Most Frequently Asked Questions: Fall
particularly if rainfall has been inadequate. Your valuable landscape plants
will enter dormancy in the most stress-free state possible and will be
protected against the drying effects of winter winds. Signs of drought
stress include premature leaf drop, curled leaf margins, and browning of
leaves. Healthy trees and shrubs can be fertilized in the fall at the time
of leaf drop. The point of autumn feeding is to provide a head start for
next yearís growth, as nutrients will be more readily available in spring.
Fall feeding will not stimulate new growth if you wait for the shorter
days and cooler nights of autumn to fertilize, as your plants will harden
off. Since you will be fertilizing again in spring, make your fall fertilizer
application no more than half of the total yearly allotment. Lastly, apply
mulch around the base of your trees and shrubs, but be sure to keep the
area just around the trunks clear to prevent rot, insect infestation and
entrance of pathogens.
||What steps can I take now to prepare my trees
and shrubs for the rigors of winter?
in mind that fall clean up does not mean that your garden must be immaculate.
In fact, leaving some fallen leaves and twigs around and especially over
the planting beds can be beneficial. This type of cover prevents soil erosion
and moderates soil temperature. Add your autumn debris of dry leaves, spent
annuals and perennials, pruned twigs, weeds, etc. to your compost pile
so next spring and summer you can use the finished compost to enrich your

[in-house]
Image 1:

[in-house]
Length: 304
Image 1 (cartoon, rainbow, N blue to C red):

planting areas. Leaving small areas of weeds, branches and leaves can also
provide habitats for small wildlife. It is important to remember that pristine
landscapes are unnatural and can be devoid of beneficial birds, insects
||How can I best accomplish fall clean up?
and needle-leaved evergreens are best planted in the early fall, up until
around October 1 in our area, so that they can become more easily established
before winter sets in. Deciduous trees are best planted after leaf drop
around October 15 until December 1 before the ground freezes. Be sure planting
conditions are suitable; the ground must not be excessively wet or frozen.
Water well after planting and apply a mulch around the planting pit. It
is important to note that certain tree species are really best planted
in early spring; Prunus (ornamental cherries), Quercus (oaks),
Liquidambar (sweet gums), Crataegus (hawthorns), and Magnolia
||Is it safe to plant trees and shrubs in the
only very late-flowering shrubs such as: Abelia
Callicarpa (beautyberry), Hibiscus (rose-of-Sharon), and
Clethra (summersweet ) at this time. Prune rambler roses and remove
all dead or diseased canes. Of course, it is always advisable to prune
diseased and dead branches at any time of the year. Fall pruning is not
recommended for most deciduous trees, as it is best to wait until well
into the dormant season before pruning. In general on early and spring
flowering shrubs it is advisable to prune just after they have flowered
in late spring to early summer. On shrubs that bloom late in the season,
it is advisable to prune them down hard in the early spring, before growth